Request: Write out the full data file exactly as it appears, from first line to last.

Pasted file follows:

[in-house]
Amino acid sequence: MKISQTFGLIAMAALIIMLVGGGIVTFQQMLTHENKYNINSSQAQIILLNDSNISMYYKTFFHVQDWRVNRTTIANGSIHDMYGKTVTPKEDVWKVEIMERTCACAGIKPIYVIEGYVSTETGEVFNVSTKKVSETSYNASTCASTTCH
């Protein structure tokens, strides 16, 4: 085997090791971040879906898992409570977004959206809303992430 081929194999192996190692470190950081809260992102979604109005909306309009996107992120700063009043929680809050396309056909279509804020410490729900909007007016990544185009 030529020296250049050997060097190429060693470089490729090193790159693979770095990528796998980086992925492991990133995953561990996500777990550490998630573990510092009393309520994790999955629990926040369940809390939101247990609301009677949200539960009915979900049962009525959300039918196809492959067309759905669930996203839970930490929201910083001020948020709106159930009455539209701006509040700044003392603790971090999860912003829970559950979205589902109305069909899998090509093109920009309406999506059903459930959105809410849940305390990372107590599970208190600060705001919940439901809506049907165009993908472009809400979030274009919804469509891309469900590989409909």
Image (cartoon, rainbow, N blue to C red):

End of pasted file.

[in-house]
Amino acid sequence: MKISQTFGLIAMAALIIMLVGGGIVTFQQMLTHENKYNINSSQAQIILLNDSNISMYYKTFFHVQDWRVNRTTIANGSIHDMYGKTVTPKEDVWKVEIMERTCACAGIKPIYVIEGYVSTETGEVFNVSTKKVSETSYNASTCASTTCH
């Protein structure tokens, strides 16, 4: 085997090791971040879906898992409570977004959206809303992430 081929194999192996190692470190950081809260992102979604109005909306309009996107992120700063009043929680809050396309056909279509804020410490729900909007007016990544185009 030529020296250049050997060097190429060693470089490729090193790159693979770095990528796998980086992925492991990133995953561990996500777990550490998630573990510092009393309520994790999955629990926040369940809390939101247990609301009677949200539960009915979900049962009525959300039918196809492959067309759905669930996203839970930490929201910083001020948020709106159930009455539209701006509040700044003392603790971090999860912003829970559950979205589902109305069909899998090509093109920009309406999506059903459930959105809410849940305390990372107590599970208190600060705001919940439901809506049907165009993908472009809400979030274009919804469509891309469900590989409909």
Image (cartoon, rainbow, N blue to C red):